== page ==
Ranjbar Rouhola1, Safania Ali Mohammad2, Kordi Mohammadreza3, Alizadeh Rostam4
1Shahid Beheshti University, Tehran, Iran
2Islamic Azad University, Ayatollah Amoli Branch, Amol, Mazanderan, Iran.
3Tehran University, Tehran, Iran
4Sport  Sciences Research Center, Tehran, Iran.

The main purpose of this research is to study the effect of caffeine consumption on the non-aerobic power, the fatigue index and the blood lactate levels in the male athlete students. Therefore, 16 individuals with the average weight (68/1 +_ 9/1kg), height (1/73+_7cm), and age (24+_2 years) were selected based on the simple-randomized method from among volunteer participants, and they were divided as match pairs, based on pre-examined fatigue index, into the two groups of caffeine (n=8) and placebo (n=8). Subjects were asked to refrain from having any intensive physical activity 24 hours before the test starts and avoid eating or drinking any caffeine foods or drinks 48 hours before the test. The primary RAST test (pre-test) was performed at least 4 hours after having a meal, and then the individuals blood lactate levels was measured after 6 minutes of the test. The secondary RAST test was done after a week exactly like the first session. The subjects continued caffeine consumption as usual and interrupt it 48 hours prior to the next test. In post-test, the subjects took 6mg caffeine or placebo in the form of gelatin capsules per one kilogram of their weight one hour prior to the test. The analysis of the result, with applying the statistical t-test method (p≤0.05) to the dependent and independent groups, showed that consumption of caffeine has a significant positive effect on average power; minimum power and fatigue index, while it does not have any significant effect on maximum power and the amount of blood lactate.  It seems that caffeine consumption is effective in the recovery of fast short-term shuttle activities.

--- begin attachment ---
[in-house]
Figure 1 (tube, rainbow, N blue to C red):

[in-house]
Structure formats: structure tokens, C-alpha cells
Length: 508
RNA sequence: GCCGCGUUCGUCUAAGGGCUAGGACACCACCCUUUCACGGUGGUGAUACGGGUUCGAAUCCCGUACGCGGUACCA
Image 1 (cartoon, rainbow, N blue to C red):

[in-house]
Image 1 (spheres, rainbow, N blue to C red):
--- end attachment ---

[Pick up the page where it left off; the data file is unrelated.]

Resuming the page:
Key words: Caffeine, Anaerobic Power, Fatigue Index, Blood Lactate Levels, Male Athlete Students.


It is long time that athletes use various compounds and substances such as vitamins, minerals, supplementary protein and hydrocarbon, phosphate, bicarbonate, sodium, asparagines, alcohol, caffeine as the ergogenic aids for enhancing their energy (26). In recent years, one of supplementation that has attracted many athletes and coaches is caffeine (17, 18, 2).

Caffeine (1, 3, 7- trimethylxanthine) is a stimulant alkaloide that is considerd as the most widespread consuming drug worldwide. The most customary type of the caffeine consumption has been coffee that is almost 54% of its use in the world. Drinking tea is 43%, of caffeine consumption and consuming other material containing caffeine (including chocolate, exercise drinks, drugs…) consists only 3% of the caffeine consumption (14). This chemical is used by most people and routinely by athletes during their athletic activities in order to gain its ergogenic properties.

Caffeine is quickly metabolized in the liver, and it is converted to three types of dimethylxanthine (paraxanthin, theophylline, theobromine) that can be held in blood for long term and produce its related signals (22). Xanthenes like caffeine, control phosphodiesterase which has an effective role on breaking down cyclic adenosine monophosphate (cAMP ) (22, 27, 2). If Phosphodiesterase is controlled, cAMP increases, and as a result, lipolysis and glycogenolysis processes would be stimulated (23). In addition, xanthine increases the excretion and discharge of catecholamines and by this way it affects the permeability of calcium ion in muscular tissues. Both of these conversions (increasing cAMP and permeability of calcium ion) stimulate the muscle’s contraction ability (19).